The International Tax Code for Small Business Importing, Exporting & Ecommerce just got much much better. The new tax laws allow small business to avoid U.S. income taxes on their foreign source income. So now, the new challenge (and maybe the only challenge) is designing the business activity to have foreign income.
For some businesses it is not difficult. For other business it will be almost impossible. This blog post has the basic concepts. Please use these concepts, below, as a discussion point with your CPA and/or attorney. Also, you can learn about some easy foreign corporation tax planning on this link.
Small business international tax plan will include a foreign corporation. E-commerce businesses will want a tax haven corporation. My two favorites are the Isle of Man and the British Virgin Islands. The two countries have different economic systems that will affect your choice.
The international tax code has little effect on your choice. The new international tax code allow small business to avoid U.S. income taxes on their foreign source income. The international tax code does not care where the foreign corporation is formed.
If Europe is your market, then the Isle of Man is best. The BVI is the best for markets other than Europe. The reason is the VAT (value added tax). This tax is in all of Europe, the U.K. and Canada. Compliance is easier in the Isle of Man. Also, the Isle of Man has solid electrical grid.
The BVI has good corporate laws. However, you do not want to place your computer server in the BVI. Their electric grid is not dependable.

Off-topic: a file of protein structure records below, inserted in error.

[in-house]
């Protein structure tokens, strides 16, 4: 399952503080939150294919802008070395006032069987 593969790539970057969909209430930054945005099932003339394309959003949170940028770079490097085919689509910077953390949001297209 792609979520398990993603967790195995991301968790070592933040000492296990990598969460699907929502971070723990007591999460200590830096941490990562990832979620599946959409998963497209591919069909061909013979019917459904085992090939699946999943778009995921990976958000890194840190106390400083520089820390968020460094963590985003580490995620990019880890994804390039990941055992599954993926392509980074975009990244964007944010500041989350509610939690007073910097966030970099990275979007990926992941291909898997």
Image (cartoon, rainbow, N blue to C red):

The new international tax code is dependent upon foreign source income. I have the general rules below (each rule has exceptions so consult your CPA)
Summary of the General Source Rules for Income of Foreign Corporations and Nonresident Aliens.
Item of income
Factor determining source
|Salaries, wages, other compensation||Where services performed|
|Personal services||Where services performed. This includes some E-commerce websites providing information or a service.|
|Sale of inventory—purchased||Where sold. One of the key points is where the change of title to the inventory occurs. Contact your CPA.|
|Sale of inventory—produced||Allocation – this law is more complex. Contact your CPA or me.|
|Interest||Residence of payer|
|Dividends||Whether a U.S. or foreign corporation*|
|Rents||Location of property|
|Natural resources||Location of property|
|Patents, copyrights, etc.||Where property is used|
|Sale of real property||Location of property|
|Sale of personal property||Seller’s tax home (but see this special IRS report on Personal Property, for exceptions)|
|Pension distributions attributable to contributions||Where services were performed that earned the pension. See the new IRS tax planning on this link.|
|Investment earnings on pension contributions||Location of pension trust. The IRS just issued a new tax savings ruling on this topic on this link.|
|Sale of natural resources||Allocation based on fair market value of product at export terminal. For more information, see section 1.863-1(b) of the regulations.|
|*Exceptions include: a) Dividends paid by a U.S. corporation are foreign source if the corporation elects the American Samoa economic development credit. b) Part of a dividend paid by a foreign corporation is U.S. source if at least 25% of the corporation’s gross income is effectively connected with a U.S. trade or business for the 3 tax years before the year in which the dividends are declared.|